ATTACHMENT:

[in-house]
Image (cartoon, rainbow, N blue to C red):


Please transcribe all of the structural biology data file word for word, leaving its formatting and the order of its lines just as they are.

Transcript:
[in-house]
Image (cartoon, rainbow, N blue to C red):